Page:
-- a cerebral "first contact" tale led by a diverse crew of bleeding-edge post-humans -- is diamond-hard and deeply horrifying, wringing profound existential dread from such abstruse concepts as the Chinese Room
, the Philosophical Zombie
, Chernoff faces
, and the myriad quirks and blind spots
that haunt the human mind.
's last, shattering insight is not the end of the story -- along with crew
, a blackly funny in-universe lecture on resurrecting sociopathic vampirism
), and a rigorously-cited (and spoiler-laden) reference section
, tomorrow will see the release of
Dumbspeech State of Grace Echopraxia [website]
, the long-delayed
"sidequel" depicting parallel events on Earth. Want more? Look inside for a guide to the rest of Watts' award-winning (and provocative) body of work. [more inside]
"Woolf often conceives of life this way: as a gift that you've been given,
which you must hold onto and treasure but never open. Opening it would dispel the atmosphere, ruin the radiance—and the radiance of life is what makes it worth living. It's hard to say just what holding onto life without looking at it might mean; that's one of the puzzles of her books. But it has something to do with preserving life's mystery…" Virginia Woolf's Idea of Privacy
After several days in legal limbo, the world's most notorious whistleblower, Edward Snowden, has been granted a three-year stay in Russia.
This is amid breaking news of Russia's issuing of a menu of its own sanctions against U.S./E.U. countries, et al. The former NSA employee has been stranded in Russia for more than a year. Recently, new leaks by other, as yet unknown whistle-blower(s) other than Snowden have surfaced, according to U.S. authorities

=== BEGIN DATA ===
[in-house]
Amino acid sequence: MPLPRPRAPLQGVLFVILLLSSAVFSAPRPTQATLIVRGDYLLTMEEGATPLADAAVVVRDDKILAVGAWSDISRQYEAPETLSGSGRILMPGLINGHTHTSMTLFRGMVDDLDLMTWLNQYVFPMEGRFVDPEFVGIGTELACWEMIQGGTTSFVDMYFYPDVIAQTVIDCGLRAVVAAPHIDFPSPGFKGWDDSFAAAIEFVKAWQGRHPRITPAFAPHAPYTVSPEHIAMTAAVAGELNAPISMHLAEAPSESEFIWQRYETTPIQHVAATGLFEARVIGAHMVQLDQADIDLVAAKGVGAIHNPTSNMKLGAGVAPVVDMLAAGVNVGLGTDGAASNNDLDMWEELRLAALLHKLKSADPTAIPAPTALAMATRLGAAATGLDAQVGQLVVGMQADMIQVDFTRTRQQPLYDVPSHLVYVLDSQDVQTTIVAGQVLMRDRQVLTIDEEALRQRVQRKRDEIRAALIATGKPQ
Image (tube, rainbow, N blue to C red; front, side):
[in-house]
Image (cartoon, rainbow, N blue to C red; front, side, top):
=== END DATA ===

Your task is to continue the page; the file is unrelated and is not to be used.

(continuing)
. The leaks detail certain "rules" for targeting of people for surveillance (including merely searching for privacy software
), as well as details on the kind of activity or relationships which may put innocent people on terrorist watch lists.
Google's updated Terms of Service state explicitly that the company automatically analyzes all email content to create targeted advertising. This case, in which Google identified child porn images in a user's email message, leading to his arrest, seems to be one of the first known instances of Google monitoring personal gmail accounts for illegal activity. The arrest raises questions over the privacy of personal email and Google's role in policing the web. [more inside]
The Supreme Court has unanimously reversed (large PDF
) the California Court of Appeals in Riley v. California
, deciding that police cannot search the contents of a phone without a warrant during an arrest